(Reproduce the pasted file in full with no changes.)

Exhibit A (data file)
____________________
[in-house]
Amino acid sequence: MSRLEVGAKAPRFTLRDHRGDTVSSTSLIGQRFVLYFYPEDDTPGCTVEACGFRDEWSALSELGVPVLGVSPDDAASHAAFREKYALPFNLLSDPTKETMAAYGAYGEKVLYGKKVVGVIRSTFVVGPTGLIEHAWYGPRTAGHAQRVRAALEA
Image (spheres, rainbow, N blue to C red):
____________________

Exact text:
[in-house]
Amino acid sequence: MSRLEVGAKAPRFTLRDHRGDTVSSTSLIGQRFVLYFYPEDDTPGCTVEACGFRDEWSALSELGVPVLGVSPDDAASHAAFREKYALPFNLLSDPTKETMAAYGAYGEKVLYGKKVVGVIRSTFVVGPTGLIEHAWYGPRTAGHAQRVRAALEA
Image (spheres, rainbow, N blue to C red):